Fake Rolex watches can be identified by looking at small details, such as the watch's sound, engravings, water-resistance and magnification of the date. Watches that cost less than $300 are unlikely to be Rolex because authentic ones can easily cost more than $2,000. Real Rolex watches are also heavy due to their quality metal materials.
Rolex watches have intricate internal workings that result in a smoother motion of the second hand and no audible ticking sound, so any watch that ticks cannot be a genuine Rolex. Rolex watches have a smooth back with no external engravings, but the back cover has engravings on the inside, including the logo and serial number. These engravings are smooth, even and without blemish on real Rolex watches.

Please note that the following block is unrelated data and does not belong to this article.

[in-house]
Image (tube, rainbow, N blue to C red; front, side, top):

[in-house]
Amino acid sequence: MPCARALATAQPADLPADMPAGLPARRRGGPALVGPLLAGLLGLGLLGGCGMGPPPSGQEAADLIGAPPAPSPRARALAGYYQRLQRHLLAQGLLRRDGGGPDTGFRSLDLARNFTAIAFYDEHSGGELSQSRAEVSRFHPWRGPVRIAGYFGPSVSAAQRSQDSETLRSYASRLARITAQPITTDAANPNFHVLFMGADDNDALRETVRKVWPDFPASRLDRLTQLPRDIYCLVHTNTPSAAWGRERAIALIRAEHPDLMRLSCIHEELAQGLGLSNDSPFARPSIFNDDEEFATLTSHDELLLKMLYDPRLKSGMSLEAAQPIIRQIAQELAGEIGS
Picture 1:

Even when submerged completely in water, a Rolex with a properly tightened case does not take on water. Watches that take on water are counterfeits. Rolex watches feature a magnification glass, which is also called a Cyclops window, over the date that makes the number larger and more readable. The large magnification is around 2.5 times, and anything less identities a watch as not a true Rolex. Other details to consider are dial writing, which should be smooth like the engravings, and the winding dial, which typically has many details.